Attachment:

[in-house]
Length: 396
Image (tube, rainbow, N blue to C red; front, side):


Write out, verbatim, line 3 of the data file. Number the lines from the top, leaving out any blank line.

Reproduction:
Image (tube, rainbow, N blue to C red; front, side):